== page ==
February 28, 2020
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An Introduction To PowerShell

  • By Josh Fitzgerald
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DIR.PS1: The Header

A PowerShell script consists of PowerShell commands in a plain text file with a .PS1 extension. For your DIR replacement, you will use a text file called DIR.PS1.

To run the script, type the following at a PowerShell prompt:

.DIR.PS1 X:Folder

where X is a drive letter and Folder is the name of a folder.

The first part of your script will display the same header information that the CMD.EXE DIR command produces. You need to determine the drive letter of the path that was passed into the script. Arguments to scripts are stored in an array called $args (all PowerShell variables begin with a $). To keep things simple for now, you are only going to deal with the first argument that was passed into your script and ignore the rest. Therefore, you will create a variable called $drive and set it equal to $args[0] (0 is the first element of all arrays in PowerShell).

$drive = $args[0].SubString(0, 1).ToUpper()

To get some of the information you need about the drive, you will have to utilize Windows Management Instrumentation (WMI). The details of WMI is outside of the scope of this article, but the following PowerShell code is pretty easy to understand. You create a variable, $filter, to use with the Get-WmiObject command. The filter you have created tells the command that you only want information about a particular disk. The results of the Get-WmiObject command are stored in a variable called $volInfo. Remember, in PowerShell everything is an object; $volInfo is now an object returned from Get-WmiObject.

$filter = "DeviceID = '" + $drive + ":'"
$volInfo = Get-WmiObject -Class Win32_LogicalDisk -Filter $filter

You now have access to all of the properties and methods associated with this object. The serial number of the drive can be accessed via the VolumeSerialNumber property. The serial number is returned as an 8-character string, but you want to format it as the first 4 characters followed by a dash, and then the last 4 characters. In the line below, the backtick character at the end of the first line is the PowerShell line continuation character. Basically, it just tells PowerShell that the line continues on the next line. Splitting the line is not required, but I did it here to decrease the width of the line and to improve the readability of the script.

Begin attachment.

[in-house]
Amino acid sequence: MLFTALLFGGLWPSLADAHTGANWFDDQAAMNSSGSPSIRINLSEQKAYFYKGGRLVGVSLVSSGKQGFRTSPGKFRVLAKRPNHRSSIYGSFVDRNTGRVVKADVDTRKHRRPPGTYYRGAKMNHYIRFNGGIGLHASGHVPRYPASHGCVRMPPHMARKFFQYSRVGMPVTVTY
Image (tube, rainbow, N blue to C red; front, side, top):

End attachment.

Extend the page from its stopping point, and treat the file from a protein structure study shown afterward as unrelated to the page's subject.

$serial = $volInfo.VolumeSerialNumber.SubString(0, 4) + "-" + `
          $volInfo.VolumeSerialNumber.SubString(4, 4)

Now that you have the $volInfo object, you can write the DIR header information to the screen. If a volume has no label, the text written to the screen is slightly different than if the volume does have a label. A simple If-Else statement is used to determine whether the VolumeName property is equal to an empty string. The Write-Host command is used to write each line to the screen.

If ($volInfo.VolumeName -eq "")
   { Write-Host (" Volume in drive " + $drive + " has no label") }
   { Write-Host (" Volume in drive " + $drive + " is " +
                 $volInfo.VolumeName) }
Write-Host (" Volume Serial Number is " + $serial)
Write-Host ("`n Directory of " + $args[0] + "`n")

The "`n" at the beginning and end of the last Write-Host command is used to insert a newline before and after the text. The Write-Host command adds a newline at the end of each line itself, so the effect of the "`n" is to make a blank line before and after that line of text.

Did you notice the "-eq" in the If statement? That is the equality comparison operator. The table below shows all of the comparison operators:

-eq, -ieq Equals
-ne, -ine Not equals
-gt, -igt Greater than
-ge, -ige Greater than or equal
-lt, -ilt Less than
-le, -ile Less than or equal

The -i versions of the comparison operators are the case-insensitive versions.

Figure 3 shows the output of the script you have so far.

Click here for a larger image.

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This article was originally published on April 30, 2007

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